In the simplest of terms, the websites of media companies like GolfChannel.com, Golf.com and GolfDigest.com use SEO to move to the front of the line then frantically jump and wave their hands in your face to get your attention first. Of course, just like bloggers, they are at the mercy of the search engines and the complex algorithms that calculate which websites are more worthy of front page search results than the next one. Unlike most bloggers however, they can afford expensive SEO consultants and experts to help them. The search engines are always tweaking their algorithms to produce more relevant results, and in the last few years larger websites with more traffic have been given more leverage than smaller blogs, regardless of the quality of their content. Most of my traffic originates from Google searches and as a result, bloggers like me have seen their traffic plummet as much of my content has fallen from page one of Google’s search results to page three or worse. I pride myself on writing good content, and before I publish something I ask myself “Will someone want to read this?” If only one person reads it and gets something out of it, then I have done my duty. I don’t have a problem with the larger golf sites getting more viewers than me, but I am increasingly disappointed with their content and the way they go about attracting readers.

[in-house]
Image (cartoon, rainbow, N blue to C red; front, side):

In their ongoing efforts to wrestle readers away from each other, the mainstream media outlets have resorted to using bush-league tactics like misleading headlines, over-used keywords and outright smut. For example, even when he isn’t in the field, Tiger Woods is always mentioned in headlines to attract more page views. Case in point – The headlines related to Tiger’s absence this week for the 2014 US Open are everywhere. There are articles about his recovery from back surgery, what his absence means to the field, how ticket prices are falling, and even a few “Will Tiger beat Jack’s major record” stories that we see every week. Enough already! Tiger Woods won’t be around to boost your ratings and readership this week. Get over it!